Menopause is the time in a woman’s life that marks the end of her menstrual cycles. It’s officially diagnosed after a woman has gone twelve full months without her menstrual period. Menopause can happen when a woman is between 40-50, however the average age of onset is 51 in the United States. Menopause is a natural biological process, but the physical and emotional symptoms of menopause may disrupt your sleep, lower your energy or affect your emotional health. There are many effective treatments available for Menopause, from hormone therapy to simple lifestyle adjustments. Below are the most common signs and symptoms of menopause:
Some women experience hormone fluctuations in the lead up to perimenopause that create a sense of being out of control. Increased irritability, anxiety, fatigue, and depression are not uncommon in women as their menopausal process begins. Relaxation and stress-reduction techniques, deep-breathing exercises, massage, and various self-nurturing activities may help mitigate the symptoms of menopause. Additionally, living a healthy lifestyle that includes good nutrition and daily exercise can be immensely helpful. Some women cope with their menopause symptoms by using over-the-counter supplements such as St. John’s Wort and Vitamin B6.
Discussing mood-related issues with your doctor can help you identify the cause and determine the most appropriate course of action. For depression, prescription antidepressant medications may be prescribed to assist in the correction of a chemical imbalance. While it make take several weeks to determine the full effect of any prescribed medication, many women show considerable improvement using these medications with few (if any) side effects. Antidepressant therapy is most effective when combined with other forms of therapy such as counseling or psychotherapy.
Traditionally defined as the persistent, involuntary loss of urine, most women who experience urinary incontinence see it as an unfortunate and unwelcome annoyance. Fortunately, there are effective strategies that can help mitigate the effects of incontinence without medication or surgery. Drinking an adequate amount of water will help keep your urine diluted, and avoiding foods and drink with a high acid or caffeine content, may help prevent the irritation of the bladder lining. Foods and drinks to avoid when experiencing urinary incontinence include grapefruit, oranges, tomatoes, coffee, and soft drinks. Additionally, studies have shown that Kegel exercises can help strengthen your pelvic floor muscles and reduce episodes of incontinence.
Night sweats, or hot flashes that occur when you are asleep, are a frequent and common characteristic of menopause. The following methods may help you cope with the night sweats and stay cool while you sleep:
- Wear light, loose fitting pyjamas.
- Use layered bedding that can be removed with ease during the night.
- Use an electric fan to create a gentle breeze and help improve air flow.
- Keep a glass of cold water on your nightstand and take sips as needed throughout the night.
- Place a frozen cold pack under your pillow, and turn over the pillow often so you’re resting on a cool surface while you sleep.
Difficulty Falling Asleep
Establishing a regular sleep schedule and sleep routine can play an important role in your quality of life during waking hours. Here’s few tips to consider:
- Try to wake up and go to bed at the same time each day, including weekends.
- Relax before bed by reading a book, listening to music, or taking a warm bath.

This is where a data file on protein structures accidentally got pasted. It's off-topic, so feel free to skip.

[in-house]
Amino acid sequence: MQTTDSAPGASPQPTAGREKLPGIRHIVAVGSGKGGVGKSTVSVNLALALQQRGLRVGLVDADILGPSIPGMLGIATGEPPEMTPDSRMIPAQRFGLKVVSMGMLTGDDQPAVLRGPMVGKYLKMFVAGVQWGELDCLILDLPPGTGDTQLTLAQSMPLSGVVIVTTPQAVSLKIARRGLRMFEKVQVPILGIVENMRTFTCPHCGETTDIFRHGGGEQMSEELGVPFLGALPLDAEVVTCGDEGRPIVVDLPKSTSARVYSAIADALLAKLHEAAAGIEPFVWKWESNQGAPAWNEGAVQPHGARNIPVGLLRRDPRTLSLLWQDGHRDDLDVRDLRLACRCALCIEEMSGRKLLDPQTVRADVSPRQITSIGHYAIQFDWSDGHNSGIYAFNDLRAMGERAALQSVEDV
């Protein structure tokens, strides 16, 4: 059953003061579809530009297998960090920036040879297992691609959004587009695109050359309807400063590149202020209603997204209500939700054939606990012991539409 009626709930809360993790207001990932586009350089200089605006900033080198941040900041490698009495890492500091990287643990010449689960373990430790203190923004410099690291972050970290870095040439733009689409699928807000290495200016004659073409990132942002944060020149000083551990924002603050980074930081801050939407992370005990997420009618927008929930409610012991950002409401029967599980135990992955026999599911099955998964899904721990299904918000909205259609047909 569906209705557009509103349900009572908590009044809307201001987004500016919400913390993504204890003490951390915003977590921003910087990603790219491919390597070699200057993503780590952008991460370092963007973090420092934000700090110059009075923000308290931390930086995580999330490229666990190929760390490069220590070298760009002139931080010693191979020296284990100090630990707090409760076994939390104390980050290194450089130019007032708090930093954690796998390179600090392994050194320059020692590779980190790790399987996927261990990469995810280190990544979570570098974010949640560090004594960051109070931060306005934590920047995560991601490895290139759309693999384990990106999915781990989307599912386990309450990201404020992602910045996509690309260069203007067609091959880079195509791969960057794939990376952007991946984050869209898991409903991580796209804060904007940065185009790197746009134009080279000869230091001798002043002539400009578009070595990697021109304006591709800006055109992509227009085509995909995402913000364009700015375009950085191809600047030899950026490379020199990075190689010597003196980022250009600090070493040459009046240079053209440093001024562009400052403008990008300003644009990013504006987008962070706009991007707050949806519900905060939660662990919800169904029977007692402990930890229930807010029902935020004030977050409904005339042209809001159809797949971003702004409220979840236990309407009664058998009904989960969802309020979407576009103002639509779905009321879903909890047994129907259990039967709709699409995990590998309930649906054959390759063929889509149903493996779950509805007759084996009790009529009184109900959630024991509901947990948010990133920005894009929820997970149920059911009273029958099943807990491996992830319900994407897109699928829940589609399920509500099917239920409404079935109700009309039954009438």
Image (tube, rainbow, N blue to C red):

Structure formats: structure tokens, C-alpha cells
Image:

- Foods such as milk and peanuts contain a chemical called Tryptophan, which can help the body relax. Chamomile tea may be helpful, too.
- Try to keep bedroom light, noise and temperature at a comfortable level. Rooms that are dark, quiet, and cool can help you get a better nights sleep.
- Try to avoid caffeine and alcohol, particularly late in the day.
Menopause contributes to changes in sexual function as a result of decreased ovarian hormone production. These hormonal changes may lead to unpleasant side effects such as vaginal dryness and a general decline in sexual function. To counteract these unfortunate hormonal changes, you might consider the following:
Vaginal lubricants are available without a prescription, and they can help decrease friction and ease intercourse when experiencing vaginal dryness. Be sure to use only water-soluble products, as oil-based products such as Vaseline may have the opposite effect resulting in increased vaginal irritation. This may sound obvious, but only products designed for vaginal dryness should be used. Avoid moisturizing creams and lotions containing alcohol and perfumes, and any warming/tingling or flavored lubricants, as they may irritate tender vaginal tissue. Vaginal lubricants such as Astroglide, Moist Again, and Silk-E are some of the more popular products available at your local pharmacy.
Vaginal moisturizers are also available without a prescription. These products can help improve or maintain vaginal moisture in women experiencing vaginal atrophy. Vaginal atrophy occurs when the tissues of the vulva and the lining of the vagina become thin and dry as a result of estrogen loss. Vaginal moisturizers can also help you maintain a low vaginal pH level, which ensures a healthy vaginal environment. Popular vaginal moisturizers include K-Y Long-lasting Vaginal Moisturizer and Replens. Both of these products can be used safely on a regular basis, and they offer a longer lasting effect than standard vaginal lubricants.
As always, please consult with your physician if you are experiencing any of the signs and symptoms of Menopause as detailed above. While menopause is a natural process that occurs in all women at some point in their lives, there are a number of options available to help reduce the unpleasant, unwanted side effects of hormonal changes related to aging.